In September the editor of the Tribune was still complaining about the cowboys, among others.
"Sept 17, 1883. The cowboy is not an outlaw. On the contrary, he is often superior, both mentally and physically, to the average man. Many of the cowboys in this country come from Texas, having followed the herds, which for a number of years have been driven through this country to the northern ranges. In fact, it is only recently that the cattle business has flourished here, and that there has been a demand for the services the cowboy renders. Until ten years ago this was Indian country, and as long as the Red Men claimed this land, cattle would not have been safe from marauding bands of savages. The herds are comparatively small, seldom numbering a thousand head under one brand, and often only two or three hundred. North of the Platte larger herds are found, but they do not match the vast droves that are held under single management in the south.
"The Texas cowboy was born to his trade and knows none other. In Nebraska, the ranks of the cowboy have been recruited largely from among eastern-bred farm lads, who have been lured to the west by reading dime novels. The Texas cowboy is a gentleman, except when he is drunk, and even then, unless the quality of the whiskey he had imbibed is exceptionally vile. The novice often thinks he must sustain the reputation given members of his craft by the authors of the fiction that induced his choice of vocation. Few of them, in spite of the bad pranks they play when they come to town, are really bad men.
"A favorite sport is riding wildly through the streets and shooting out the lights. McCook has no street lights, but three or four of the merchants have placed kerosene lamps in front of their places of business. These are invariably demolished whenever the cowboys come to town in sufficient numbers to believe they can take care of themselves and their fellows if the owners of the lamps object. They will also shoot out the lights in stores and even in residences -- firing through the windows. They seldom hurt anyone, their principal object being to terrorize their victims. On the way home, after a wild night in town, they sometimes amuse themselves by dragging dead animals into country churches and school houses. If they know of a dugout tenanted by some homesteader, they will ride over its roof -- often with disastrous results -- not only to the house, but to themselves and their ponies, as the roof of dugouts are not designed for such purposes, and the ponies legs sometimes go through the roof. They may play they are Indians and surround some isolated dwelling, especially if it is occupied by someone whom they have a grudge -- letting forth wild whoops and yells, which are occasionally answered from the house with gun-fire.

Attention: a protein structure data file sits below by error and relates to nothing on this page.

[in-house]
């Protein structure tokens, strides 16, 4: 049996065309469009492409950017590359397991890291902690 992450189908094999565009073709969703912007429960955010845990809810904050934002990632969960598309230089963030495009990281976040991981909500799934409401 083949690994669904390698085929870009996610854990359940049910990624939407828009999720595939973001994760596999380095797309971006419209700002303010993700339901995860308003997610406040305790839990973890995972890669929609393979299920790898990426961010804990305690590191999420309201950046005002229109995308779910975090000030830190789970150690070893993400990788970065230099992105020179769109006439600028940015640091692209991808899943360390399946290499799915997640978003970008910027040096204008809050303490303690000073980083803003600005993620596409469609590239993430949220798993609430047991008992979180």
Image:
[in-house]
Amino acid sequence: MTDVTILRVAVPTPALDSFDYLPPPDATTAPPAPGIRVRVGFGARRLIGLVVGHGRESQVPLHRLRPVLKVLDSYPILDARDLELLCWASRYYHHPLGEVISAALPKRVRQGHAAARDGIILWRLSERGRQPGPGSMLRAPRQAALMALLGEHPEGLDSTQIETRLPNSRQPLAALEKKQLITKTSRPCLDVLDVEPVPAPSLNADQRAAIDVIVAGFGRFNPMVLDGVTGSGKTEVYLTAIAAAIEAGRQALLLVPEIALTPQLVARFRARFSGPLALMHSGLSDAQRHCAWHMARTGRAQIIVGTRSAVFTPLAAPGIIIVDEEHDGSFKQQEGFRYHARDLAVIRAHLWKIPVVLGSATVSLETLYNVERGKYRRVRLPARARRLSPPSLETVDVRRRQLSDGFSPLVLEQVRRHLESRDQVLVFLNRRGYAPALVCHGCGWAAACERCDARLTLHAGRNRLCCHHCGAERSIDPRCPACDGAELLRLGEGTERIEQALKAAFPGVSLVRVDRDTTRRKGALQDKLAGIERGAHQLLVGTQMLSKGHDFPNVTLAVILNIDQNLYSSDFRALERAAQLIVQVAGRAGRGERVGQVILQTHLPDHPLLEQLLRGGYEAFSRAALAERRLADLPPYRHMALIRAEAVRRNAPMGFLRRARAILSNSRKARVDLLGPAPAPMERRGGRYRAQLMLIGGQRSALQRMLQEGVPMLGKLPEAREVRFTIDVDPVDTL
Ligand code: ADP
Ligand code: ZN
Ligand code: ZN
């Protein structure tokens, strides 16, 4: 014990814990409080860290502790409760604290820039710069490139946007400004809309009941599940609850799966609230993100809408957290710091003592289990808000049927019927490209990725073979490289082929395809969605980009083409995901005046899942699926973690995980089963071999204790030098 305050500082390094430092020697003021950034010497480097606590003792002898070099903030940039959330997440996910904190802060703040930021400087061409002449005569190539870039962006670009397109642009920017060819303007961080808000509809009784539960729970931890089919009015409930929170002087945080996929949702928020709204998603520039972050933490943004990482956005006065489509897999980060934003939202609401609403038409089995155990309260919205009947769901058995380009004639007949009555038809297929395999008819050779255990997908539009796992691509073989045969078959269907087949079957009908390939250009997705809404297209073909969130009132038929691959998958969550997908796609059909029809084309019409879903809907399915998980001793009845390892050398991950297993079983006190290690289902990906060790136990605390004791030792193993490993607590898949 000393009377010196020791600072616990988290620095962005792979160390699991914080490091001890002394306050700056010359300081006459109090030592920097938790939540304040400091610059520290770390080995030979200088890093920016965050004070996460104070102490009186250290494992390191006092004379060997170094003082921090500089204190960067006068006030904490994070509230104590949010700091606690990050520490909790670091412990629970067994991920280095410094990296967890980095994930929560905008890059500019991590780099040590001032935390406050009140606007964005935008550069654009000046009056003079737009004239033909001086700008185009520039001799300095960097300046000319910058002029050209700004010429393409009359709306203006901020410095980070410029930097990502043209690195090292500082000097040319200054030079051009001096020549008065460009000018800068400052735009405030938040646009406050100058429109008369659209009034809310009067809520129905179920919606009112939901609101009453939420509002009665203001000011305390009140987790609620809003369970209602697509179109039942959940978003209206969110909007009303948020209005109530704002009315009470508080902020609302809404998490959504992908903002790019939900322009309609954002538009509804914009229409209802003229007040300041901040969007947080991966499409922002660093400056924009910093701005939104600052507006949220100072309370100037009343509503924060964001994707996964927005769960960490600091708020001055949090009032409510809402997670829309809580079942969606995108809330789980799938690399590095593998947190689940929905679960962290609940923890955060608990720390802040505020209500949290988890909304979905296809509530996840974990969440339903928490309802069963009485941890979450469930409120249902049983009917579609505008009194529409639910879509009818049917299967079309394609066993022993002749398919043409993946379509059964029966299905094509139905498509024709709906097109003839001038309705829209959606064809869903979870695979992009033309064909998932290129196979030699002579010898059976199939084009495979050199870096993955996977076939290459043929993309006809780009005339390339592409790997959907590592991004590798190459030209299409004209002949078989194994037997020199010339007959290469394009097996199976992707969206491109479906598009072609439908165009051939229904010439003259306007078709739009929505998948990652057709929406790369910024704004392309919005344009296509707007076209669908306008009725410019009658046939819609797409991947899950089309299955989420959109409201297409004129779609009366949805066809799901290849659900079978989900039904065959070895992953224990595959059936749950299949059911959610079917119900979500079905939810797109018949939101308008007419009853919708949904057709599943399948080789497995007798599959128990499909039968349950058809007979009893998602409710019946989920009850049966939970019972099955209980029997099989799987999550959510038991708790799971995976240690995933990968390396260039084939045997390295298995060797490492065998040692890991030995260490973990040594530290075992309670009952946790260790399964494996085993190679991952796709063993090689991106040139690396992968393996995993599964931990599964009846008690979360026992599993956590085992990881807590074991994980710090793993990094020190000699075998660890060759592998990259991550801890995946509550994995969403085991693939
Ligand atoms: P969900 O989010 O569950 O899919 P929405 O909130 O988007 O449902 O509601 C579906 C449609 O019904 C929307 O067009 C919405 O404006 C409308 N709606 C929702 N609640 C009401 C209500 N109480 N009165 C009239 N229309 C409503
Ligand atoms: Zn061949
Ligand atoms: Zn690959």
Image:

"Sometimes their pranks end tragically. On the 14th day of December, 1881, Clinton Dill shot and killed Sam Esman at Culbertson. The story goes that the day before Thanksgiving a number of cowboys from the Haigler ranch went down to Culbertson to enjoy the holiday season. Dill was engaged in the drug business (he had a drug store) at Culbertson, which was also an unlicensed saloon. Esman, becoming enthused, fired his revolver through the ceiling of the room in which he and his companions were drinking. The bullet lodged in a bed, in which Dill's wife lay sick, in the upper story of the drug store. The trouble seems to have been quelled for a time. The cowboys became sober and returned to their work. The day before Christmas the cowboys from the Haigler ranch again went to Culbertson. Esman supposed the trouble had been settled. Dill resented his presence in his place of business, and, it is said, shot Esman dead, without warning.